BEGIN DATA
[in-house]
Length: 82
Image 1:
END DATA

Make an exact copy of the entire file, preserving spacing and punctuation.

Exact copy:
[in-house]
Length: 82
Image 1: